Down the years: Flu outbreak takes toll of Mildura boys

An aerial view of Mildura in the mid-1960s.
An aerial view of Mildura in the mid-1960s.

Presented by Mildura and District Historical Society. Compiled by Ann Ziguras for Mildura Rural City Council Library Service.

100 years ago

TELEGRAMS: The Russian North-West Army is retreating under Bolshevik pressure. A Bolshevist submarine was sunk in the Baltic by British submarines. The House of Commons has passed the Coal Mines Bill, establishing a seven-hour day. Peace with Afghanistan was signed last Friday. The Belgium Chamber of Deputies unanimously ratified the peace treaty. The sudden reappearance of a representative of the discredited Hapsburg family as a virtual governor of Hungary is regarded suspiciously by England and France. (13.8.1919)

INFLUENZA: To the editor of The Cultivator: Sir, Permit me to utter a protest against the continuance of the drills during this outbreak of influenza. With all deference to the opinions held by the Health Officer, I maintain that to call two hundred boys together for four consecutive hours is to run a needless risk. Over half of the boys were absent from drill, yet several were totally unfit to be in the ranks, one boy in particular who had been in bed for eight days previous was compelled to fall out. Others came from homes in which one or more of the inmates were down. Anyhow, it seems to me that the safer policy of cancelling all drills until danger is past, is the wiser.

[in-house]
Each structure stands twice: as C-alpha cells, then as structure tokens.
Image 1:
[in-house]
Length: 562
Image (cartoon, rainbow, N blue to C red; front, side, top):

Yours etc., Arthur W. Pearce,  Mildura. (13.8.1919)

AWARDS: Another Mildura soldier has been awarded a military distinction-in this case the Military Cross. This is Lieut. A.R. Pegler, the newly appointed manager of the Mildura Butchery. He recently received the accompanying riband, in a letter from General Sir W. R. Birdwood, who congratulated him heartily on the recognition of his good and gallant work, sent kind regards and best wishes for the future. Art enlisted fairly early and saw service in Gallipoli before leaving for France. He secured his commission some 15 months ago. Art is a native of Mildura. Rather singularly, several of the “boys” in his corner of the town won distinctions, these being Lieut. J. S. Shilliday DCM, Sergeant Gus Pegler MM, Sergeant Arthur Armsden MM and Corp. Les Bliss MM. (13.8.1919)